TB: Because your mother had remarried by that time also?
HMB: My mother had remarried in 1950 my dad remarried in 1951 to Miriam and they all knew each other at least casually (laughter). But they didnít mingle, you know, they were living separate lives. But my wife and I would visit them and then of course her parents. We were busy on the family circuit.
TB: Then you kept in contact then with Mrs. Mathes all these years. What about the Mathes House, that used to be a dormitory, was that any connection with your family?
HMB: Yes, I think it is. Is it on Garden Street or is it off High?
TB: The one now is off High.
HMB: OK thatís where the Mathes House was. I donít know if they owned it outright or if it was property the college owned, and let them live in it as president. Iím not sure.
TB: Then it became a dormitory (rooming house).
HMB: Well it was just a residence for many years. And then I think the property and several lots to either side of it were cleared for the present dorm.
TB: There was a Mathes Dormitory, separate from the current Mathes Hall, it is listed in the Polkís Directory, and I wondered if it had any family connection at all.
HMB: It might have had.
TB: I think itís different than the current Mathes House. The Mathes House now is up at the top of High Street.
HMB: Oh, my dad designed and built that house for Miriam.
TB: Then she must have left it to CCM or something.
HMB: She sold it to somebody.
TB: They still call it Mathes House and students live there. But I picked up that there were two. And thatís why I think there was two different ones.
HMB: Right yes, the old one that was, that goes back to 1898 or whatever, I guess was the one on High street. I think they might have had extra rooms that they leased out or had co-edís live in with them, Iím not sure. Thatís way before my time. And all those things that probably were, but I didnít learn about.
TB: Anything else that you can think of?
HMB: Lets see, we covered his being mayor, business man, candidate for governor on the Democrat ticket, lost to a Republican (laughter).
TB: Did you ever hear any stories about that? Was that a painful loss?
HMB: The stories I heard were from Miriam. My grandfather was a rather erratic driver and he had so much trouble getting around without crashing the car, that my dad Ö lets see that would have been 1923 or í24, í25 along in there. My dad was his chauffeur to tour the state and give campaign lectures and that sort of thing.
TB: He was very active during World War I, he traveled a lot in Europe.
HMB: Yes, Miriam wrote some of that up. And I heard a good deal of it from my grandmother also. In 1917 their daughter Virginia died.
TB: Thatís right, flu?
HMB: They had previously lost Ö, no, it was from appendicitis.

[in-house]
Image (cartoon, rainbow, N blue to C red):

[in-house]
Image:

TB: Oh, thatís right.
HMB: And, in 1901 they had lost their only son at about a year of age. My Uncle Paul if he had lived. And Virginiaís loss was a real tragedy to the family. I think my grandmother probably went into a very deep depression because the family almost fell apart for awhile. According to Miriam, my grandmother was unable to care for my dad who was Ö lets see 17 Ö subtract Ö he was born in 1905. So he was how old, 12 years? Yes. Yes, see this is one reason I got an education degree, because physics is highly mathematical, and my mathematics are not all that good, so I had to have a back up. I could always teach public school. Having family responsibilities, I had to have a back up.
TB: So Mrs. Mathes was really devastated by the loss of her daughter Virginia?
HMB: Thatís my understanding.
TB: So she had a hard time caring for your father?
HMB: He spent a lot of his youth around that time with his grandmother Ella Jones. Who was my grandmother Mathesí stepmother. And she was a wonderful lady from all I heard. And took very good care of him, according to my grandmother, spoiled him rotten (laughter), as grandmothers can do.
TB: Was she out here in Bellingham or was she somewhere else? A lot of family came out here with the Mathesí?
HMB: Oh yes, her father lived here, heís buried out there at the Mathes site. Surname was Jones. James Chapen-Jones, and her stepmotherís name was Ella.
TB: Yes I read things in the early newspaper things about when Virginia died. And it would go back and forth, they thought she was going to get better, and then she wasnít, and the whole campus was in mourning when she died because she was only a couple years out of being a student here.
HMB: Yes, she was teaching in Sedro Wooley as I understand it. And it took so long to get her back into Bellingham for real medical aid that her appendix ruptured and they werenít able to save her. And you know peritonitis can kill you, especially when there were no antibiotics.
TB: Right. So he lived with his other grandparents then for quite awhile?
HMB: Yes, and for how long I donít know. But Iím sure it made a mark on his life.
TB: Tell me a little bit more about him. How did he decide to be an architect?
HMB: Iím not exactly sure. He attended both Washington State and UW. And exactly what he majored in Iím not sure. He was a multitalented guy according to Miriam. And I did at one time see the flute that he played. He was something of a musician. According to Miriam, he would fill in for missing flutists in the Seattle Symphony when he was living in Seattle. He practiced with them. He was artistic. He had an artistic temperament in some ways, very sensitive; like I say a multitalented guy. He took after his grandmother or after his mother, my grandmother, really multitalented.